Hande Gurses holds a PhD in Literary Studies from University College London, and currently teaches in the English Department at Ryerson University and in the Department of Near and Middle Eastern Studies at the University of Toronto. She has published her work on Orhan Pamuk in Fear and Fantasy in a Global World, Global Perspectives on Orhan Pamuk, and other academic and non-academic journals. She was previously a Visiting Lecturer in the Comparative Literature Program at UMass Amherst, where she taught courses on the international short story, dystopian literatures, and ecocriticism. Her primary research interests include contemporary world literature, ecocriticism, and critical animal studies. She is interested in inclusive pedagogies and contemplative practices in higher education. At UMass Amherst she was the recipient of a TIDE fellowship (Teaching for Inclusiveness, Diversity, and Equity) and an active member of the Contemplative Pedagogy Working Group. Most recently she co-edited a volume on eco-critical approaches to contemporary Turkish literature titled Animals, Plants, and Landscapes: An Ecology of Turkish Literature and Film (published in 2019 by Routledge). Her current book project examines the relation between animals and sovereignty in the construction of national identity.

Kirsten Helmer, Ed. D., is a lecturer and the Director of Programming for Diversity, Inclusion & Equity with the Institute for Teaching Excellence & Faculty Development (TEFD) at the University of Massachusetts, Amherst. She is in charge of developing and overseeing TEFD’s programming for intercultural teaching development with a focus on inclusive course and syllabus design, inclusive and culturally responsive teaching and assessment practices, universal design for learning, anti-oppressive and contemplative pedagogies, intercultural competence, and facilitating difficult dialogues.

She designed and facilitates the TIDE Ambassador (Teaching for Inclusiveness, Diversity, & Equity) program, a year-long faculty fellowship; regularly offers teaching workshops for faculty; and consults with departments and one-on-one with faculty. Kirsten has taught courses on multicultural education, anti-racism, intergroup dialogue, queering the curriculum, exploring gender and sexuality diversity, multicultural children’s literature, and German language in face-to-face and online settings at both UMass Amherst and Mount Holyoke College.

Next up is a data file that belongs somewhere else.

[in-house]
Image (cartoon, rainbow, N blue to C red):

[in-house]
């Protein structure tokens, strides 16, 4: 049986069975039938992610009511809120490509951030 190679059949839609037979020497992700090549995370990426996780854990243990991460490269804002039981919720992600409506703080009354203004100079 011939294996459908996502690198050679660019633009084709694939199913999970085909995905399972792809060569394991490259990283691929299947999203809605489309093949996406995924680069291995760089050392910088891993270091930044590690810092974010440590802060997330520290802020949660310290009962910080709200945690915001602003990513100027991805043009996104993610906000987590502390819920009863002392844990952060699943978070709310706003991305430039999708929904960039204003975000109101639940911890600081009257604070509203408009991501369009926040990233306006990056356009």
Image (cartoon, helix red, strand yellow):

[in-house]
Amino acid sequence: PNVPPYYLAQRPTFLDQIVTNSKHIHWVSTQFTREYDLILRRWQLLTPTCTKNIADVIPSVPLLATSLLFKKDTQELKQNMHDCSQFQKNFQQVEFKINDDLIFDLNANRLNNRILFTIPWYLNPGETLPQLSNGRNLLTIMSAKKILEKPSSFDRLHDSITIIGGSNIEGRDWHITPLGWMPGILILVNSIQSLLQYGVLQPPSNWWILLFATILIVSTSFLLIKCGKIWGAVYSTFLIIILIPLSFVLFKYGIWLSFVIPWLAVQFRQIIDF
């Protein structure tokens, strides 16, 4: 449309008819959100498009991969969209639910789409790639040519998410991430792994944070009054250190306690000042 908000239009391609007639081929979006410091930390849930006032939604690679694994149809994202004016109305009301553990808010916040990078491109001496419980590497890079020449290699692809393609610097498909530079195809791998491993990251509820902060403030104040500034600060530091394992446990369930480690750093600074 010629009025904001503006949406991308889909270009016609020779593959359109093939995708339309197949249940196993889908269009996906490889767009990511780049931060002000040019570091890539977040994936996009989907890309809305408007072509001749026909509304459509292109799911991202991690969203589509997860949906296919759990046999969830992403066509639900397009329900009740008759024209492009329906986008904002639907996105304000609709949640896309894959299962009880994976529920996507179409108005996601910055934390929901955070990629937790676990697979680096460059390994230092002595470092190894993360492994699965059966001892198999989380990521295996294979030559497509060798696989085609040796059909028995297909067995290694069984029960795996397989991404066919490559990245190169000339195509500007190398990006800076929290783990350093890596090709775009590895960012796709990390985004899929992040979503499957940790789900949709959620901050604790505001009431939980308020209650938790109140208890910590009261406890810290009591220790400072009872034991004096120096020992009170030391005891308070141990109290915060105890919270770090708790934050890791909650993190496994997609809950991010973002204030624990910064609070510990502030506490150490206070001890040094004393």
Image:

Kirsten holds a Doctorate in Education from the department of Teacher Education & Curriculum Studies; a Master’s Degree in Bilingual/English as a Second Language/Multicultural Education; a Social Justice Education Graduate Certificate in Teaching for Diversity; and a Certificate as Educational Specialist (Ed. S.) from the College of Education, University of Massachusetts, Amherst. In addition, she also received a Certificate in Advanced Feminist Studies from the department of Women, Gender, and Sexuality Studies at UMass Amherst and has a degree as a Diplom-Betriebswirt (Business Administration) from the Berufsakademie Mannheim, Germany. Her publications include “Queer literacies: A multidimensional approach to reading LGBTQI-themed literature” in D. Linville & D. L. Carlson (Eds.). Beyond Borders: Queer Eros and Ethos (Ethics) in LGBTQ Young Adult Literature, 2016; “Reading queer counter-narratives in the high school literature classroom: possibilities and challenges” in Discourse: Studies in the Cultural Politics of Education, Special Edition: Queering LGBT-Themed Literature with Teachers and Students. Guest editors: Mollie Blackburn, Caroline Clark, & Wayne Martino; and “Disruptive practices: Enacting critical pedagogy through meditation, community building and explorative spaces in a graduate course for pre-service teachers” in the Journal of Classroom Interaction (2014), 49(2), 33-40.